Dark, visually bold, sometimes borderline delirious, more often, I am afraid, plodding, Kenji Mizoguchi’s Waga koi wa moenu draws upon turbulent late nineteenth-century Japanese history and a novel by Kôgo Noda, Yasujiro Ozu’s writing partner. The story begins in Okayama in 1884 during the Meiji period, which is meticulously detailed. Kinuyo Tanaka plays Eiko, whose friend Chiyo, the daughter of family servants, is sold into slavery by Chiyo’s father to pay off debts, ratcheting up tension between Eiko and her own father when she protests this outcome. Eiko is devoted to the cause of women’s rights, which are failing to advance even in the midst of an otherwise liberalizing trend in Japan. In Tokyo, Eiko becomes involved in a new progressive party, whose leader, Kentaro Omoi, she marries; alas, his commitment to female equality under the law is no match for his patriarchal tradition and political ambition. A government crackdown leads to Eiko’s imprisonment, along with Chiyo, who has instigated a factory fire. Initially oblivious to Eiko’s feminist cause, Chiyo resists Eiko’s concerns for her welfare. The film’s mix of melodrama and politics is encapsulated in the tangle of relationships amongst the three principals; Chiyo becomes Kentaro’s concubine.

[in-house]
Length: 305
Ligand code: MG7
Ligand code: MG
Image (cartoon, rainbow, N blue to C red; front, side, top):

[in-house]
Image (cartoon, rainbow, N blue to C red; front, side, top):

In prison, the women are subjected to brutal treatment. Eiko’s integrity (frustratingly) disallows her freedom through the agency of her spouse’s growing political influence, but both Eiko and Chiyo are pardoned when the 1889 constitution is proclaimed. Kentaro is elected to the new national legislature, and on her way back home by train, during which she reunites with Chiyo, who by now has adopted “the cause,” Eiko overhears praise for Kentaro’s progressivism. The moment pales by comparison with John Ford’s far more powerful final train ride in The Man Who Shot Liberty Valance (1962).
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